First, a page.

AI News, Artificial Intelligence (AI) and Mental Health Care
Dopamine is known as the feel-good neurotransmitter—a chemical that ferries information between neurons.
The brain releases it when we eat food that we crave or while we have sex, contributing to feelings of pleasure and satisfaction as part of the reward system.
This important neurochemical boosts mood, motivation, and attention, and helps regulate movement, learning, and emotional responses. In lab experiments, dopamine prompts a rat to press a lever for food again and again.
We partner with third party advertisers, who may use tracking technologies to collect information about your activity on sites and applications across devices, both on our sites and across the Internet.
You always have the choice to experience our sites without personalized advertising based on your web browsing activity by visiting the DAA’s Consumer Choice page, the NAI's website, and/or the EU online choices page, from each of your browsers or devices.
How Artificial Intelligence Is Changing Health Care Delivery
These innovations are all powered by artificial intelligence (AI), a burgeoning field of computer science that is already reshaping many aspects of health care by harnessing vast amounts of data to improve diagnosis and treatment, save time and costs, and expand access to care worldwide.
It encompasses natural language processing (where devices like the iPhone’s Siri decipher and respond to human language), machine processing (where technology like self-driving cars process visual data — e.g., identify other cars and pedestrians on the road), and machine learning (where computers learn by experience, such as repeatedly performing and perfecting a skill like playing chess).
However, challenges abound in areas such as data security, patient privacy, legal liability, and the challenges of applying AI tools in new contexts.” Health care AI includes a growing collection of algorithms that drive hardware and software systems to analyze health care data.
AI is expected to continue to improve patient care and meaningfully change the activities undertaken by clinicians, health care provider organizations, payers, pharmaceutical firms, and medical technology companies.
We describe AI’s existing and potential role in reducing workloads, lowering costs, and bettering outcomes across three key domains of health care delivery: administrative work, diagnosis, and treatment.
These tools hold great promise for improving provider efficiency by reducing time spent on manual data entry, although it remains uncertain whether they will live up to their potential, given the steep learning curve for voice-recognition software.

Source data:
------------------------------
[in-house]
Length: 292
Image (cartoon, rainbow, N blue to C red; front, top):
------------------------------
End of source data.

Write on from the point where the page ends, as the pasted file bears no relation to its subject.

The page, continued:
hybrid model…that combines AI-driven smart machines and human experts is likely to be most successful in improving outcomes, as algorithms are more likely to identify false positives (Type 1 error), while clinicians may be more likely to find false negatives (Type II error.” Patient triage represents another promising application of AI in health care delivery.
In another case, an AI-powered therapist has been used to triage mental health patients, and research shows that many veterans with post-traumatic stress disorder (PTSD) feel more comfortable speaking with a virtual chatbot than a human provider.
This type of technology is at an intermediate stage of development (prototype available), but in the future, AI-driven tools could play a significant role in patient triage in both virtual and live settings ranging from the patient’s home to urgent care.
These systems typically use deep learning, a type of machine learning in which human brain-like algorithms learn to solve problems by repeatedly performing tasks (e.g., reviewing different types of tumor scans or pathology slides), without the need for additional human involvement.
In a challenge competition that simulated the reading of pathology slides, seven deep-learning algorithms outperformed a panel of 11 pathologists in detecting lymph node metastases in tissue sections from women with breast cancer.
A hybrid model like this that combines AI-driven smart machines and human experts is likely to be most successful in improving outcomes, as algorithms are more likely to identify false positives (Type 1 error), while clinicians may be more likely to find false negatives (Type II error), as seen in the pathology challenge mentioned above.
Medical AI is likely to emerge in high-resource settings, such as academic medical centers, leading to contextual bias when it is deployed in lower-resource settings such as community health centers or rural areas.” AI can also augment the efficiency of nonvisual diagnostic methods.
Using deep learning, for example, researchers recently described and validated four new phenotypes of sepsis based on clinical data from nearly 64,000 hospitalized patients, expanding clinicians’ understanding of this heterogeneous syndrome.
The key challenges related to incorporating AI into diagnostic processes include integrating algorithms into clinical workflows, demonstrating the safety and effectiveness of algorithms to meet regulatory standards, and consistently updating algorithms with new and more representative data.
One study of 379 patients undergoing minimally invasive spinal fusion surgery found that the robotic-guided technique led to a fivefold reduction in surgical complications at 3 months and 1 year post-operation.
Like the challenges faced around diagnosis, treatment-based algorithms require integrating AI into existing clinical workflows, demonstrating safety and effectiveness above and beyond current best practices, and updating algorithms regularly to reflect representative patient data sets and rapidly evolving medical practices.